45. 45. Gault J, Robinson M, Berger R, Drebing C, Logel J, et al. (1998) Genomic organization and partial duplication of the human alpha7 neuronal nicotinic acetylcholine receptor gene (CHRNA7). Genomics 52: 173–185. doi: 10.1006/geno.1998.5363
  46. 46. Feher A, Juhasz A, Rimanoczy A, Csibri E, Kalman J, et al. (2009) Association between a genetic variant of the alpha-7 nicotinic acetylcholine receptor subunit and four types of dementia. Dement Geriatr Cogn Disord 28: 56–62. doi: 10.1159/000230036
  47. 47. de Lucas-Cerrillo AM, Maldifassi MC, Arnalich F, Renart J, Atienza G, et al. (2011) Function of partially duplicated human alpha77 nicotinic receptor subunit CHRFAM7A gene: potential implications for the cholinergic anti-inflammatory response. J Biol Chem 286: 594–606. doi: 10.1074/jbc.M110.180067
  48. 48. Araud T, Graw S, Berger R, Lee M, Neveu E, et al. (2011) The chimeric gene CHRFAM7A, a partial duplication of the CHRNA7 gene, is a dominant negative regulator of alpha7*nAChR function. Biochem Pharmacol 82: 904–914. doi: 10.1016/j.bcp.2011.06.018
  49. 49. Seripa D, Matera MG, Franceschi M, Daniele A, Bizzarro A, et al. (2008) The RELN locus in Alzheimer’s disease. J Alzheimers Dis 14: 335–344.
  50. 50. Kramer PL, Xu H, Woltjer RL, Westaway SK, Clark D, et al. (2011) Alzheimer disease pathology in cognitively healthy elderly: a genome-wide study. Neurobiol Aging 32: 2113–2122. doi: 10.1016/j.neurobiolaging.2010.01.010
  51. 51. Rachidi M, Delezoide AL, Delabar JM, Lopes C (2009) A quantitative assessment of gene expression (QAGE) reveals differential overexpression of DOPEY2, a candidate gene for mental retardation, in Down syndrome brain regions. Int J Dev Neurosci 27: 393–398. doi: 10.1016/j.ijdevneu.2009.02.001
  52. 52. Rachidi M, Lopes C, Delezoide AL, Delabar JM (2006) C21orf5, a human candidate gene for brain abnormalities and mental retardation in Down syndrome. Cytogenet Genome Res 112: 16–22. doi: 10.1159/000087509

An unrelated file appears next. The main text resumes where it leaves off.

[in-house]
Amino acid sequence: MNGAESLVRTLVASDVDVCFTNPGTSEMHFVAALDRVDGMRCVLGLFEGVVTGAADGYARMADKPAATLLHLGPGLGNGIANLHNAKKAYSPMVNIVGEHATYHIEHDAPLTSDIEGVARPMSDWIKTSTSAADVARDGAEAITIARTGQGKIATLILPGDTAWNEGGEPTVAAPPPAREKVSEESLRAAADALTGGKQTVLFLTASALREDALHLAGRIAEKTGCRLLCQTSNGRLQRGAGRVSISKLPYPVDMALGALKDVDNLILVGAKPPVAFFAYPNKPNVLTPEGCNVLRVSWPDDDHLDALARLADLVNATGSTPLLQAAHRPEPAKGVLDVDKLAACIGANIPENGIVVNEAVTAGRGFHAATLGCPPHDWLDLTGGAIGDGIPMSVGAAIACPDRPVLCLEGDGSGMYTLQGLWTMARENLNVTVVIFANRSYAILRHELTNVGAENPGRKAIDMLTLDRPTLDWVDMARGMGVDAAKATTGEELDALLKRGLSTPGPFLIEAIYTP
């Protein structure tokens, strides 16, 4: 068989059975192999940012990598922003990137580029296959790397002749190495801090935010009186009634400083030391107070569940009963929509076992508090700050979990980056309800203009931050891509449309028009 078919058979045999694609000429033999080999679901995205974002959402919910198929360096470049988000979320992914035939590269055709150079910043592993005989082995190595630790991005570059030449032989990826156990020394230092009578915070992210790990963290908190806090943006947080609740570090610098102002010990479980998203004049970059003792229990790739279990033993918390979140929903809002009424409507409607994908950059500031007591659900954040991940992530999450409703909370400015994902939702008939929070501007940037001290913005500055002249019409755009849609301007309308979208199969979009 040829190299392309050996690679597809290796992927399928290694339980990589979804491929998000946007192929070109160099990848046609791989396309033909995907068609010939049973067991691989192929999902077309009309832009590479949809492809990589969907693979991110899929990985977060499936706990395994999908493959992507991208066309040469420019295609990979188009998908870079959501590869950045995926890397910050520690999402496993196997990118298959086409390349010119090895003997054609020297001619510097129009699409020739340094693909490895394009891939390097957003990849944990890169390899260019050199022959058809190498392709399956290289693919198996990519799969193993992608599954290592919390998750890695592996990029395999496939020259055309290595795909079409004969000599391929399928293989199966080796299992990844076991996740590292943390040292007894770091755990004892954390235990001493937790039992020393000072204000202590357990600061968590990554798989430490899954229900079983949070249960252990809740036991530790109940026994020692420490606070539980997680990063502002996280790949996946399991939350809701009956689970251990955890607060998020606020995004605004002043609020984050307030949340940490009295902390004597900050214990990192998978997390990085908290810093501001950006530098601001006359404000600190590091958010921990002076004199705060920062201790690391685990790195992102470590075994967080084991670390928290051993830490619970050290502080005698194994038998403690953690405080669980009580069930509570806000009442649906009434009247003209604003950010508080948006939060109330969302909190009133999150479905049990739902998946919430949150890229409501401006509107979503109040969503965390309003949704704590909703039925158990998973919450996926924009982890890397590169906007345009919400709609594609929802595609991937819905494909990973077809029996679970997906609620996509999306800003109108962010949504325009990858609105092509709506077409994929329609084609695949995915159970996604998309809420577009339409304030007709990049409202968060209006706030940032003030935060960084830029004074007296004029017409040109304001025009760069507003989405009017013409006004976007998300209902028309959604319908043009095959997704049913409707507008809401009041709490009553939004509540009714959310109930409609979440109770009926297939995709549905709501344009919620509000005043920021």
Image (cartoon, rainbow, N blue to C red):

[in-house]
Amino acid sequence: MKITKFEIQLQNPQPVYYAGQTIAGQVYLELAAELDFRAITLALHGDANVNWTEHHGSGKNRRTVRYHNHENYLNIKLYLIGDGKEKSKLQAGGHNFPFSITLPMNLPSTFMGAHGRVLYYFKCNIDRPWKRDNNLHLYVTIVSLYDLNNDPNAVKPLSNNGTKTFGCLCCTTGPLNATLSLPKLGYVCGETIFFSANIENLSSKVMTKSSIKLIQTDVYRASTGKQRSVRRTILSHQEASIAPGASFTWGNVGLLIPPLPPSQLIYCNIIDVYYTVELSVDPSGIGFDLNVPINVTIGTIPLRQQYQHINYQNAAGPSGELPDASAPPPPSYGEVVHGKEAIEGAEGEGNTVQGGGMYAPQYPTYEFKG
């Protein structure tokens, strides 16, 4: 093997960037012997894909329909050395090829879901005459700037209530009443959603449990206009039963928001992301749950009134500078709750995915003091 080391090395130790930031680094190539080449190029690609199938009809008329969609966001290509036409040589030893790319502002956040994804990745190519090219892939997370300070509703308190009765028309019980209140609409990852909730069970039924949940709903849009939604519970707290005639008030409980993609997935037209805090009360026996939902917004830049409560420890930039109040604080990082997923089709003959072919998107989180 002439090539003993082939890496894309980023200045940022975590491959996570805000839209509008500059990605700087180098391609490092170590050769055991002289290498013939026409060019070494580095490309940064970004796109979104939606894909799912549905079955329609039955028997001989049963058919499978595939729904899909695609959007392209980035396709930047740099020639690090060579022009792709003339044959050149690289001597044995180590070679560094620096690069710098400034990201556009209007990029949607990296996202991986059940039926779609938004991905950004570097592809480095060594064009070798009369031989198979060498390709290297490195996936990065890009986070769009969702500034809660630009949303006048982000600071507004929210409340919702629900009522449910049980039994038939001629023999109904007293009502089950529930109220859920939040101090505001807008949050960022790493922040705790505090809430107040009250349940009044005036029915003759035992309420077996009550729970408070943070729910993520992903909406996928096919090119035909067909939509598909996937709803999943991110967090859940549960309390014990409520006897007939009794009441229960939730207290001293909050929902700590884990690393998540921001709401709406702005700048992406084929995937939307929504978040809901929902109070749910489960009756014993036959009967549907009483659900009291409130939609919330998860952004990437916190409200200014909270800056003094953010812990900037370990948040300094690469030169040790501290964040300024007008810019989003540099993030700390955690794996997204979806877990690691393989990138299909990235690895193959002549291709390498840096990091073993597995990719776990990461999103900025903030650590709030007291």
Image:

53. 53. Martins-de-Souza D, Guest PC, Mann DM, Roeber S, Rahmoune H, et al. (2012) Proteomic analysis identifies dysfunction in cellular transport, energy, and protein metabolism in different brain regions of atypical frontotemporal lobar degeneration. J Proteome Res 11: 2533–2543. doi: 10.1021/pr2012279
  54. 54. Rovelet-Lecrux A, Hannequin D, Raux G, Le Meur N, Laquerriere A, et al. (2006) APP locus duplication causes autosomal dominant early-onset Alzheimer disease with cerebral amyloid angiopathy. Nat Genet 38: 24–26. doi: 10.1038/ng1718
  55. 55. Sleegers K, Brouwers N, Gijselinck I, Theuns J, Goossens D, et al. (2006) APP duplication is sufficient to cause early onset Alzheimer’s dementia with cerebral amyloid angiopathy. Brain 129: 2977–2983. doi: 10.1093/brain/awl203
  56. 56. McNaughton D, Knight W, Guerreiro R, Ryan N, Lowe J, et al.. (2012) Duplication of amyloid precursor protein (APP), but not prion protein (PRNP) gene is a significant cause of early onset dementia in a large UK series. Neurobiol Aging 33: 426 e413–421.
  57. 57. Antonell A, Gelpi E, Sanchez-Valle R, Martinez R, Molinuevo JL, et al. (2012) Breakpoint sequence analysis of an AbetaPP locus duplication associated with autosomal dominant Alzheimer’s disease and severe cerebral amyloid angiopathy. J Alzheimers Dis 28: 303–308. doi: 10.3233/JAD-2011-110911
  58. 58. Autism Genome Project Consortium, Szatmari P, Paterson AD, Zwaigenbaum L, Roberts W, et al (2007) Mapping autism risk loci using genetic linkage and chromosomal rearrangements. Nat Genet 39: 319–328. doi: 10.1038/ng1985
  59. 59. Rujescu D, Ingason A, Cichon S, Pietilainen OP, Barnes MR, et al. (2009) Disruption of the neurexin 1 gene is associated with schizophrenia. Hum Mol Genet 18: 988–996. doi: 10.1093/hmg/ddn351
  60. 60. Gomez Ravetti M, Rosso OA, Berretta R, Moscato P (2010) Uncovering molecular biomarkers that correlate cognitive decline with the changes of hippocampus’ gene expression profiles in Alzheimer’s disease. PLoS One 5: e10153. doi: 10.1371/journal.pone.0010153
  61. 61. Chaudhury AR, Gerecke KM, Wyss JM, Morgan DG, Gordon MN, et al. (2003) Neuregulin-1 and erbB4 immunoreactivity is associated with neuritic plaques in Alzheimer disease brain and in a transgenic model of Alzheimer disease. J Neuropathol Exp Neurol 62: 42–54.
  62. 62. Woo RS, Lee JH, Yu HN, Song DY, Baik TK (2010) Expression of ErbB4 in the apoptotic neurons of Alzheimer’s disease brain. Anat Cell Biol 43: 332–339. doi: 10.5115/acb.2010.43.4.332
  63. 63. Woo RS, Lee JH, Yu HN, Song DY, Baik TK (2011) Expression of ErbB4 in the neurons of Alzheimer’s disease brain and APP/PS1 mice, a model of Alzheimer’s disease. Anat Cell Biol 44: 116–127. doi: 10.5115/acb.2011.44.2.116